3D Liver tissues, generated on CN Bio’s PhysioMimix® OOC platform, recreate the liver microarchitecture and maintain its phenotype for long period of time (over 4 weeks).
Flowing from organ to organ
In the human body, blood doesn’t just flow to and from one organ at a time. It moves from organ to organ, carrying nutrients, drugs, signaling proteins and metabolites from one part of the body to be used by the next.
An example is the connection between the gut and the liver. At CN Bio, we have recently developed a Multi-organ Gut-Liver model, which mimics blood flow between the organs. This is ideal for testing the effects of first pass metabolism, an important consideration for oral medicines, where significant amounts of drug can be changed to inactive form before they ever reach the systemic circulation and the desired target organ. This effect used to be measured with animal models and in clinical trials, now it can be explored in the lab.
Now we have systems which allow organs and tissues to talk to one and other, as they do in the body the potential is huge, enabling scientists to develop a deeper understanding of how drugs are absorbed, interact with, and affect multiple organs at the same time. For example, connecting liver tissue with another organ opens the opportunity to study reactive metabolite-driven toxicity or to simultaneously evaluate drug absorption and metabolism. Adding in circulating immune cells would enable investigators to look at how inflammation can mediate toxicity.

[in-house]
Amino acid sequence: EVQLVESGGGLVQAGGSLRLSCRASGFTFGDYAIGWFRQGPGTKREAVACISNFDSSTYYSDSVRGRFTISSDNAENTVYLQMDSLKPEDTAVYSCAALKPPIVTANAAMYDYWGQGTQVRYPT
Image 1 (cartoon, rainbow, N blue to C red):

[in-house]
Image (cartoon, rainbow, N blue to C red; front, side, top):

However, whilst the realms of possibility seem almost endless, so are the challenges! For example, let us start with emulating blood, i.e. the task of media selection. We all know that use of a tissue-specific media is key to culturing healthy and phenotypically functioning organs in vitro but what happens when researchers want to link organs together? One media type may facilitate the growth of one organ but be detrimental to another. To solve this we mine physiological data, sorting through effects and carefully adding or excluding different media constituents. Next skillful bioengineering is required to establish a physiologically-relevant flow rate and cardiac output both within each organ and between the different organs in the model.
These are the challenges that CN Bio tackles head-on, using our unique expertise and experience to develop Multi-organ models that can improve the accuracy of drug discovery and development. To date, animal models, with all their well-known limitations or computer simulations, were the only alternatives. Now organs and tissues composed of human cells can talk to each other in the lab for many weeks, unlocking the answers to key questions for drug discovery scientists.
By incorporating flow into organs, bioengineers at CN Bio have enabled OOC technology to more closely recapitulate how organs function in the human body, and by using our control of flow to connect multiple organs together, CN Bio enables scientists and clinicians to form a more complete picture of potential drugs’ effects. Together, by delivering results in the lab that translate into human outcomes, our advancements are rapidly closing the gap between 2D in vitro cell culture and clinical research.
With the rhythm of blood pulsing through them, our organs-on-a-chip come to life.
More information about our PhysioMimix® OOC Microphysiological System can be found here
The Rhythm of Life
Author: Dr Stephanie De Marco